And a guy from Calcutta-- a young computer scientist is what he is, engineer, what he was-- and his hobby was photographing wildlife. And he went to Churchill, and he saw the polar bears there, which at that time he saw them in the Churchill dump, which is not a good way to see polar bears. And he was very frustrated, and he heard that he could see polar bears in the High Arctic.
So he went, he flew, used all his money. He was broke when I knew him. And he flew to Kaktovik-- do you see Kaktovik on there-- which is an Inupiat village, and it's on the shore. It's just all an island just off the shore of the Arctic Refuge. And he made friends with a guy named Robert Thompson, who was Inupiat and also Athabaskan Dene Indian.
And so he represents both tribes that are in that area. And they went out and they sat in a snow drift for 30 days, and they got pictures of a mother sow bear coming out with the cubs. He got some extraordinary pictures, and he's a lovely, enthusiastic man and a very good photographer. And he did a book called-- what was his book called; my memory is terrible, forgive me-- The Seasons of Land and Life.
And I wrote an article about the refuge and about big oil, and that was in that book, too. And then we went back. We went back to-- actually, I want to talk to what I'm really getting at here.
I don't want to talk too much about big oil. I have a very bad feeling about big oil. I don't mind telling you.
Of course we need petroleum. We need it for many, many things, and we're going to use oil for many years to come. We can't get ourselves-- won't be over to alternative heating anytime soon. We will increase the percentage of it, but we're still stuck with fossil fuel. And that's too bad, but that's the way it is.
And we have to work in those terms, always forcing our politicians to work toward fossil fuel. Exxon Mobil, which in my opinion is the biggest corporate outlaw in the history of the country-- and that includes the ghouls and Rockefellers and everybody-- they have been working for years. Let me say briefly. The Arctic Refuge didn't exist when I flew to Barrow the first time. It came in years later.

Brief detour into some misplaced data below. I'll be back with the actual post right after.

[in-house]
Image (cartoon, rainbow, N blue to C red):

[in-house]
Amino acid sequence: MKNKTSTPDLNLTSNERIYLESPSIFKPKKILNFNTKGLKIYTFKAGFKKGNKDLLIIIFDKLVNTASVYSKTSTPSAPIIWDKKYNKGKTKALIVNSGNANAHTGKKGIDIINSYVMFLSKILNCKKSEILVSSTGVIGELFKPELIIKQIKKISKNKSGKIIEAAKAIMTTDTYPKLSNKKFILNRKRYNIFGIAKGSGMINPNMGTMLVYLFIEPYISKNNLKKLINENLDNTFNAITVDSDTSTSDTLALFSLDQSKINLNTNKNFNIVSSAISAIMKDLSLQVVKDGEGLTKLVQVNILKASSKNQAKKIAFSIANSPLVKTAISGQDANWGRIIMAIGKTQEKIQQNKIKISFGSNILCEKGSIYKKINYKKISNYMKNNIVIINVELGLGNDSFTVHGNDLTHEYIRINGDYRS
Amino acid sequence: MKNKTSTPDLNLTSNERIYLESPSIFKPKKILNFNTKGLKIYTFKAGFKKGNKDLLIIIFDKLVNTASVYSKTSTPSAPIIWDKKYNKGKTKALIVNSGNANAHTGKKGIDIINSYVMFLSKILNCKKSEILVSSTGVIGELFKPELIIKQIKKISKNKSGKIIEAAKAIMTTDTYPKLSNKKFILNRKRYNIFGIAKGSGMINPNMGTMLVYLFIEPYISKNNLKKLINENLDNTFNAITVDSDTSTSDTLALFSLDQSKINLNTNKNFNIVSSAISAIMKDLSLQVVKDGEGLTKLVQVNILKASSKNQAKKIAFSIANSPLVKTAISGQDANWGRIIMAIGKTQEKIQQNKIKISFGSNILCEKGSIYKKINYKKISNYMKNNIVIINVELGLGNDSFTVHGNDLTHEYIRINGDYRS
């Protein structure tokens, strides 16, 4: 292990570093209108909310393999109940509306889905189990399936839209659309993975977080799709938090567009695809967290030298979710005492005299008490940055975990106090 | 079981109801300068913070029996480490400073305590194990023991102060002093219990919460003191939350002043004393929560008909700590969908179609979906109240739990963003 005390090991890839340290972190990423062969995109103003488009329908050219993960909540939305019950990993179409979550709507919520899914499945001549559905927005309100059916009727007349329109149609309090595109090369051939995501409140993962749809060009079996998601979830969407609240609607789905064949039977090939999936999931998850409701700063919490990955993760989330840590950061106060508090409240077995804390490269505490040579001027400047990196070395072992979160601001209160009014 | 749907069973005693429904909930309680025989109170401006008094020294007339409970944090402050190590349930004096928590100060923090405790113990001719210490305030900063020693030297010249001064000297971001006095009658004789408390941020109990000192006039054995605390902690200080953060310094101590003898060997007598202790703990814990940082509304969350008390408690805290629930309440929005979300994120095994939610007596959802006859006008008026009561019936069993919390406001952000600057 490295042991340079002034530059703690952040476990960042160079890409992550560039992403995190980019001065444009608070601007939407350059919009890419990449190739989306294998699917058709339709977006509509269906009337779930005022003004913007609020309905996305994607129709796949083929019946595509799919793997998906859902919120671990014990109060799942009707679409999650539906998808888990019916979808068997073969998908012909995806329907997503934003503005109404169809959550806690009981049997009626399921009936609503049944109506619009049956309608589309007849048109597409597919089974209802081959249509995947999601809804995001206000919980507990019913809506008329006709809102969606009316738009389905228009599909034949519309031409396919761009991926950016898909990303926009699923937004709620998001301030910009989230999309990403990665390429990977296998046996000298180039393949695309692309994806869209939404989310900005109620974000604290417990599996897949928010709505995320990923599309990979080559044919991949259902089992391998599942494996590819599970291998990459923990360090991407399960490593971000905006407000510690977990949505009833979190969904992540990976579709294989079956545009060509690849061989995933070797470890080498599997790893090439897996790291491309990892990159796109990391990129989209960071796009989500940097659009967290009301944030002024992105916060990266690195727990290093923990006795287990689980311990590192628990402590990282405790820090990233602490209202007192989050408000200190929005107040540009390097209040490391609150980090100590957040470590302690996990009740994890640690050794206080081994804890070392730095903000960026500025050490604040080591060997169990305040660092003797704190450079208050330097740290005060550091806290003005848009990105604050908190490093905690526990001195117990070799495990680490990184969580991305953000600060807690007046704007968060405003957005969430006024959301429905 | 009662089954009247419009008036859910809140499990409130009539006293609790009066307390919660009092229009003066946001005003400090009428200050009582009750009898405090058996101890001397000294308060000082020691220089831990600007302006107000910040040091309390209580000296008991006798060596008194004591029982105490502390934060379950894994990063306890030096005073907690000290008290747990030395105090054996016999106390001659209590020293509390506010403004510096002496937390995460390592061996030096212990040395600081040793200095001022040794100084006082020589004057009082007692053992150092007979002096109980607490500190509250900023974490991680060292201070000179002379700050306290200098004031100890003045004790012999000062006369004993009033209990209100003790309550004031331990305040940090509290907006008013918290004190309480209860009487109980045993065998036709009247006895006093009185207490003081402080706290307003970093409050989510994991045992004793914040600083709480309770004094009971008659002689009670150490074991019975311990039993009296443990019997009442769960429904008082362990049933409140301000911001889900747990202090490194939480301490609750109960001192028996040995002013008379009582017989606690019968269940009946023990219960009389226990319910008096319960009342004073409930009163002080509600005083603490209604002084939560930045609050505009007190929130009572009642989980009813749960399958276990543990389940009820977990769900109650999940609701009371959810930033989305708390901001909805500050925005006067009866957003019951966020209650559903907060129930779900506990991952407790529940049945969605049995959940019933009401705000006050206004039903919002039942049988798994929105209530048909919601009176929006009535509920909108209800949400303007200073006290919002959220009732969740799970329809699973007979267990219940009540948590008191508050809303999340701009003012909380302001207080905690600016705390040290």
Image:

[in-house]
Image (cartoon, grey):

And then in 1980, its territory was doubled by the Alaska Lands Act, and all kinds of land was moved around. But the refuge, I'm glad to say, was doubled. Big oil insisted on a clause-- and here you see the refuge-- in there that a certain region-- it was called clause 10-02.
10-02, they call it. It's this darker area here. You see, these are the mountains. You can see the wrinkled mountains, and then the 10-02 is this area just here and all the rest of the refuge is mountain-- very sharp, inhospitable desert kind of mountains and then forest. This is all taiga forest here.
And so it's a small area. And it's also just the westward part of the thing. And that 10-02, unfortunately, ajoins the Prudhoe Bay oilfield and what's called the Barrow Oil Formation, which goes really from Barrow around in kind of a circle. All this area out here is very, very promising for oil. But the oil companies wanted to drill in the 10-02, and the 10-02 is a sacred place for American Indian people.
There's an Athabaskan tribe called the Dene, called the [INAUDIBLE], Dene-speaking like the Navajo, and they live in these forests here and over in here, also in Canada-- Porcupine River. And the Porcupine River herd of caribou is a very big herd. It has the longest migration route of any terrestrial animal on Earth, and at the end of the route it arrives in the 10-02.
We call it the 10-02, or that place over there, but they call it the sacred place where life begins. That's how valuable and precious it is to them, and they never go there. They feel it's a sacred transgression.
They wait for the caribou. The caribou go out there. It's very rich cotton grass out there. It's also, as you will see, close to the mountains. But if they go out there, it's far enough away that the grizzlies and the wolves, who've been pursuing them the whole way of their-- their migration begins way, way down here.
And they work out and they work out. They wander in these woods, they go over into Canada, and then they work their way back and they go across here and end up there. Very rich cotton grass, very good nourishing grass, and very good for the milk they need for the calves because they haven't got much time.
And also, way out near the coast, there's not many mosquitoes, which otherwise are plaguing them. You can't believe. They're covered with flies and mosquitoes, the poor things. But there they are.
But as I say, the [INAUDIBLE]-- they think of them more or less as the Plains Indians thought of the Buffalo and the Pacific Coast tribes thought of the salmon. It was a sacred, sacred, sacred creature. And in the wintertime, the caribou come back more or less due south, and they work their way back into the Porcupine River drainage and they're hunted. That's when they hunt them.